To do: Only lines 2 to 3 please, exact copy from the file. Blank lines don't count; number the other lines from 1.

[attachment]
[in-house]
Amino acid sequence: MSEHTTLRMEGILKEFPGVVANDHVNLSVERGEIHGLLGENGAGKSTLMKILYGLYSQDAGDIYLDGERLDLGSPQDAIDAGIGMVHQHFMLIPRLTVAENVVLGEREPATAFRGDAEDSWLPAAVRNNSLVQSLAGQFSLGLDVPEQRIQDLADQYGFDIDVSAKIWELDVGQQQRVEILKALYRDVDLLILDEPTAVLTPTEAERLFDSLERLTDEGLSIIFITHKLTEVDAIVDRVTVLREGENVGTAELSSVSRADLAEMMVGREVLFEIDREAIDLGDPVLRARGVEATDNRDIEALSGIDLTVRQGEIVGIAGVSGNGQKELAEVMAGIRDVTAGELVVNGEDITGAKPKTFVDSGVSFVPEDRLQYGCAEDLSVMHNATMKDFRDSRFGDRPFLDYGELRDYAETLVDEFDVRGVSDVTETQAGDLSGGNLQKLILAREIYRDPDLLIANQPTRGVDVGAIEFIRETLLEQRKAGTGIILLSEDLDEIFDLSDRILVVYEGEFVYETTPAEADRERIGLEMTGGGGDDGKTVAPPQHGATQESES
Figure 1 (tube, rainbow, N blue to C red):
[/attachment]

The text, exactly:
Amino acid sequence: MSEHTTLRMEGILKEFPGVVANDHVNLSVERGEIHGLLGENGAGKSTLMKILYGLYSQDAGDIYLDGERLDLGSPQDAIDAGIGMVHQHFMLIPRLTVAENVVLGEREPATAFRGDAEDSWLPAAVRNNSLVQSLAGQFSLGLDVPEQRIQDLADQYGFDIDVSAKIWELDVGQQQRVEILKALYRDVDLLILDEPTAVLTPTEAERLFDSLERLTDEGLSIIFITHKLTEVDAIVDRVTVLREGENVGTAELSSVSRADLAEMMVGREVLFEIDREAIDLGDPVLRARGVEATDNRDIEALSGIDLTVRQGEIVGIAGVSGNGQKELAEVMAGIRDVTAGELVVNGEDITGAKPKTFVDSGVSFVPEDRLQYGCAEDLSVMHNATMKDFRDSRFGDRPFLDYGELRDYAETLVDEFDVRGVSDVTETQAGDLSGGNLQKLILAREIYRDPDLLIANQPTRGVDVGAIEFIRETLLEQRKAGTGIILLSEDLDEIFDLSDRILVVYEGEFVYETTPAEADRERIGLEMTGGGGDDGKTVAPPQHGATQESES
Figure 1 (tube, rainbow, N blue to C red):